“No one is sure what is owned or what is a right of way. It is my understanding that a right of way was granted for owners of adjacent property owners and to the town,” Bosse told the Fort Fairfield Journal.   “In 1971 there are minutes at a selectman’s meeting that allows the fish and game club to block the road for safety reasons. It is my understanding and I certainly could be proved wrong, the town does not own the road but simply has a right to use the right of way. Hence my recommendation to do nothing until we have an opportunity to research the Town Meeting Minutes from the 1950’s,60’s and 70’s.”

   The road was abandoned in the early 70’s and it has been suggested that a person close by would like to exercise the right of way. “The town has no issue one way or the other, what we have issue with is the maintaining of a roadway that will cause safety issues for children playing in the park and also that there really isn’t a road there any longer. A new road would have to be constructed,” said Bosse. “The town has no interest, intent, desire or obligation to construct or maintain a road or the right of way, that was abandoned over 30 years ago. When we reviewed the issue with Maine Municipal Association they stated in one of their e-mails, ‘In the event the road was once a town way and now may be deemed discontinued by abandonment, effective 30 years after some date in the 1960’s, a public easement may remain. See 23 MRSA Section 3028(1) and 23 MRSA Section 3026(1)...... Also, although the town certainly is concerned about the safety and security of its citizens, you should understand that even if a public easement exists over the area in question, the town has no legal duty to maintain a way that may be reasonably presumed to be discontinued by abandonment, nor does it have any legal liability under the Maine Tort Claims Act to maintain unimproved land, or land used primarily by the public in connection with public outdoor recreation. (See 23 MRSA Section 3028(1) and 14 MRSA Section 8104(2).)’”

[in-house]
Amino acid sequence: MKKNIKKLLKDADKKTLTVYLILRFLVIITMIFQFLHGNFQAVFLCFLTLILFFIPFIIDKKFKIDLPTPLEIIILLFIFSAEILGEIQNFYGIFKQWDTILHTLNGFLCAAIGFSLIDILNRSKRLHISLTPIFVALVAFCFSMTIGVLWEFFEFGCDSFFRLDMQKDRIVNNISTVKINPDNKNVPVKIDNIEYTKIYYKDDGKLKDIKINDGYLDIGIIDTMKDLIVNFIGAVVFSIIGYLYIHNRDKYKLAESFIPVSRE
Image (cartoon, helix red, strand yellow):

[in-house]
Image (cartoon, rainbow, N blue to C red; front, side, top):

Bosse said town office staff could research, as time permits, the minutes of town meetings of that era to determine what exactly had transpired at the time the roadway was abandoned.  Back then Fort Fairfield was not run by a town council, it was run by a town meeting and selectmen.  For the town to accept that roadway or right-of-way they would have had to have done it in an annual town meeting by a vote of the general public. 

   Bosse will advise the town council in a public forum what the office staff was able to glean from the minutes of those meetings relevant to Kipp Park Road and Moonlight Drive.